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What Is LMI (Lender’s Mortgage Insurance) In Australia

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Lender’s Mortgage Insurance (LMI) is a type of insurance that is used to protect financial institutions and lenders against financial loss when a borrower defaults on a loan and can not pay it back. LMI covers the Lender/Bank against the shortfall that may arise if the following sale of the security property does not cover the loan amount.

The insurance premium is paid by the borrower and can either be paid upfront or capitalised into the loan. The two leading LMI providers are Genworth and QBE. The LMI premium can vary depending upon individual borrower profiles.

Traditionally most lenders require the borrower to contribute at least a 20% deposit, hence an LVR of 80%. However using LMI, the lenders are able to offer loans with a lower deposit. In some cases as low as 5% deposit.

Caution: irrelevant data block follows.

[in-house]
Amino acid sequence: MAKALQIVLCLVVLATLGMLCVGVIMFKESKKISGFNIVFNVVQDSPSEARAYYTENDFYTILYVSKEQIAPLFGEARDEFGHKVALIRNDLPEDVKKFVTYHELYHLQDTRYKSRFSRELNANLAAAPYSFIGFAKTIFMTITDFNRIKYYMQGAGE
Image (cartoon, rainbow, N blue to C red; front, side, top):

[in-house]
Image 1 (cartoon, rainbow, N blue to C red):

The premium for LMI is payable only once at the commencement of the loan and protects the bank/lender for the entire life of the loan.

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1 Comment

  1. James

    It’s a funny ‘insurance’ product isn’t it? I can’t think of any other commercial insurance where the insurer assumes the right to recover damages from a third party in the event the insurance is exercised. E.g. if I insure my factory and someone burns it down, my insurer doesn’t get to try and recover the payout from the arsonist.

    Really, LMI is a call on a debt recovery agent, not insurance at all. The bank pays a premium today and in return gets an exercisable right to transfer a liability to the LMI company at a pre-agreed value. The LMI then tries to recover the debt.

    Seems to me LMIs should be regulated like debt recovery agencies. Also seems to me like the premium for such a product would be much smaller in a competitive banking/LMI market, given the LMI gets both a premium and a chance of recovery and the banks should be competing to lower the cost of LMI.

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